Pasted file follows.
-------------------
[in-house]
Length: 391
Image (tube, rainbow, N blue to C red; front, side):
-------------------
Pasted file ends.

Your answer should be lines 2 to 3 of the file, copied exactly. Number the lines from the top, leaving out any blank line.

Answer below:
Length: 391
Image (tube, rainbow, N blue to C red; front, side):